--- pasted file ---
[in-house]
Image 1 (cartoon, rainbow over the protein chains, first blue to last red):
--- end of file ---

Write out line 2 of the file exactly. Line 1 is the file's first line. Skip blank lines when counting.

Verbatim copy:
Image 1 (cartoon, rainbow over the protein chains, first blue to last red):